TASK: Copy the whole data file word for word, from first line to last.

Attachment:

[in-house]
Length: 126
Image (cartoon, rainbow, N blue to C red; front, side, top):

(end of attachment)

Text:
[in-house]
Length: 126
Image (cartoon, rainbow, N blue to C red; front, side, top):